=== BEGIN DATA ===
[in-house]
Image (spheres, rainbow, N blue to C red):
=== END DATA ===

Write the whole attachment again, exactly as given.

[in-house]
Image (spheres, rainbow, N blue to C red):